New leader for Center for Consumer Self Care at UCSF

By Wallace Ravven

The UCSF Center for Consumer Self Care has appointed a new leader. R. William Soller, PhD, former leading regulatory scientist and health policy advocate for the Consumer Healthcare Products Association, is the new executive director of the Center in the UCSF School of Pharmacy.

The Center focuses research on consumer behavior and health policy issues affecting self care decisions. The research is intended to help consumers make sound health care decisions.

Soller has also been appointed a member of the clinical faculty in the UCSF School of Pharmacy.

“Dr. Soller has had a distinguished career in health policy and research relating to self care with nonprescription medicines and dietary supplements, and his experience with government agencies and research will add important dimensions to the Center ‘s growth,” said Mary Anne Koda-Kimble, PharmD, dean of the top-ranked UCSF pharmacy school.

Soller succeeds Lorie Rice, MPH, the Center’s first director and an associate dean in the UCSF School of Pharmacy who will continue to manage key educational initiatives of the Center.

“Empowerment through responsible self care is vital to improving the health of patients taking prescription drugs under the care of physicians and of consumers using over-the-counter products,” said Soller.  “As baby boomers age, they will have to learn to prevent and manage chronic conditions and diseases to care for themselves and their families in a way that minimizes risks, poor health outcomes and costs. The Center faculty have the expertise to help define the national health policy objectives relating to self care, and to undertake the needed research and educational programs to address this core element of health care.”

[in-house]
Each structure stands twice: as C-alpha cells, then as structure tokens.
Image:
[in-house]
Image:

At the Consumer Healthcare Products Association, Soller guided the development of the organization’s science, technology and regulatory affairs group. A leader in research and health policy programs for the association, he was an important contributor to development of the OTC “Drug Facts Label,” particularly the conceptual basis for content and format of the label, and he accepted for CHPA a special recognition award from Food and Drug Administration’s Center for Drug Evaluation and Research for these efforts.

Soller’s prior experience was with Lederle Laboratories and Sterling Drug Inc. where he led the regulatory efforts resulting in aspirin’s approval for the prevention of stroke and heart attack, still a leading therapy savings tens of thousands of consumer lives a year.

Soller has taken the lead in many self-regulatory labeling initiatives of the nonprescription drug and dietary supplement industries, as a means to speed needed safety information to consumers. Among many reports he has submitted to government agencies on public health policy issues relating to self care are reports on the criteria for “OTCness,” regulatory issues relating to switching products from prescription to nonprescription status, and the regulatory policy framework for when to warn consumers of predictable adverse effects related to drug product use.

Prior to joining industry, Soller was assistant professor of pharmacology at the University of Pennsylvania School of Medicine and a member of the University’s Institute of Neurosciences.  He received his PhD in Medical Sciences in 1975 from Cornell Graduate School of Medical Sciences.  He received his BA in 1968 from Colby College.